Miller v. Griffith

Annotate this Case

66 N.W.2d 505 (1954)

David J. MILLER, Plaintiff-Appellee, v. Isaac W. GRIFFITH, Defendant-Appellant.

No. 48505.

Supreme Court of Iowa.

October 19, 1954.

Rehearing Denied January 14, 1955.

*506 Jones, Cambridge & Carl, Atlantic, A. H. Bolton, Sioux City, for appellant.

J. R. McManus, Des Moines, Whitmore & Gaffney, Atlantic, for appellee.

HAYS, Justice.

Suit for damages arising out of a collision between two automobiles being driven by plaintiff and defendant. Each asks damages against the other based upon negligence. From a verdict and judgment for the plaintiff, the defendant has appealed.

The collision occurred on a bright, clear day at the intersection of Highway N. 6, and County Road No. 67, Cass County, Iowa. At this point the Highway runs east and west while the road runs approximately north and south. Plaintiff, driving a 1950 Buick, was going west on No. 6. Defendant, driving a 1934 Ford, was approaching No. 6 from the north on No. 67. Each had an unobstructed view and each saw the other approaching the intersection. The testimony places the speed of plaintiff's car between 50 and 65 miles per hour. The speed of defendant's car was between 5 and 10 miles per hour. While there is a dispute as to whether or not the defendant's car came to a complete stop as it reached No. 6, it is clear that to all practical purposes it did so.

Defendant testified that as he approached No. 6 from the north, he looked to the east and saw plaintiff's car coming at fast speed. He stopped and then proceeded on to the pavement in a southeasterly direction and was astride the center line at the time of the collision. He at no time attempted to stop after reaching the pavement. Plaintiff's testimony is that he saw defendant's car coming from the north when he was between a quarter and a half mile to the east of the intersection. He observed it come to a virtual stop. That it then pulled onto the Highway in a diagonal direction which placed it in the right or north lane. To avoid a head-on collision, he swerved his car to the left lane but could not avoid hitting it. The right front of plaintiff's car struck the right front of defendant's car and then crashed into an abutment to the southwest. Plaintiff sustained serious and permanent injuries and his car was demolished.

Ten propositions are assigned as a basis for a reversal. At the outset, and speaking personally and perhaps not for the other members of the court, the writer desires to say that appellant's brief and *507 argument shows little, if any attempt to comply with Rule 344, Rules of Civil Procedure, 58 I.C.A., and but for the serious injuries sustained by the plaintiff and the size of the judgment against the defendant, $25,000, it would be his inclination to dismiss the appeal.

I. Error is asserted in the failure to direct a verdict. The motion is based entirely upon the issue of plaintiff's contributory negligence as a matter of law. There are no brief points but in the argument reference is made to various parts of the record dealing with the conduct of the plaintiff and then comes the general statement that "under the testimony, the physical facts, the speed, the visibilty and all other circumstances shown, plaintiff was guilty of contributory negligence as a matter of law".

Contributory negligence and proximate cause are strictly issues of fact and ordinarily are for the jury except where, under the entire record, plaintiff's contributory negligence is so palpable that reasonable minds may fairly reach no other conclusion, and the question becomes one of law for the court. Kinney v. Larsen, 239 Iowa 494, 31 N.W.2d 635; Howie v. Ryder & McGloughlin, 244 Iowa 861, 58 N.W.2d 389. While we have not set forth the record at length, an examination thereof shows a situation upon which reasonable minds might well differ. It was properly submitted to the jury. The assignment is without merit.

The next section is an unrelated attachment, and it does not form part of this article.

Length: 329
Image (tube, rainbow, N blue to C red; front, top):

II. It is claimed the court erred "in overruling defendant's objection to testimony offered by witnesses Arthur Dickson, Aloysius Galowitsch, David J. Miller and Gerald T. Kroger on the grounds specifically stated in each objection. There are no brief points and the only authorities cited are "Wigmore on Evidence; Jones on Evidence; Chamberlain on Evidence". The argument sets forth some 70 questions, objections interposed, and in most cases the answers of the witness. No attempt is made at pin pointing any question, or any objection the overruling of which was error. Such assignment of error merits no consideration and none is given. Patterson v. Wuestenberg, 239 Iowa 658, 32 N.W.2d 209; Broadston v. Jasper County Savings Bank, 244 Iowa 1161, 58 N.W.2d 309.

III. Appellant requested the court to instruct the jury: "* * * if defendant stopped before entering the highway intersection in question, and acting as a reasonably prudent and careful man, believed that any car coming from the left would travel in the north lane of the highway and at a reasonable rate of speed; and believed as a reasonable prudent and careful man that he had time and opportunity to turn to the left and enter the south lane of traffic on said highway without hazard; and if acting as a reasonably prudent and careful person, he did so believe, then he would not be guilty of negligence". The trial court noted "given in substance". In instruction No. 6, the court stated the substance of the statute dealing with meeting at intersections and then stated: "* * * If you find that the defendant on approaching and entering the intersection exercised reasonable care and caution to keep a proper lookout and that under all of the circumstances then existing the danger of collision with the vehicle of plaintiff was not to be reasonably apprehended, then he would not be negligent". We think the instruction properly protected defendant and find no error. Barnes v. Barnett, 184 Iowa 936, 169 N.W. 365; Tinley v. Chambers Imp. Co., 216 Iowa 458, 249 N.W. 390.